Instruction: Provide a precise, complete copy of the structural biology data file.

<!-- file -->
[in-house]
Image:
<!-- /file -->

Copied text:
[in-house]
Image: